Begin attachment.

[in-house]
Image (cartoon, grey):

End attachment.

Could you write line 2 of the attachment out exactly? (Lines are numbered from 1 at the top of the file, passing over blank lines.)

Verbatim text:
Image (cartoon, grey):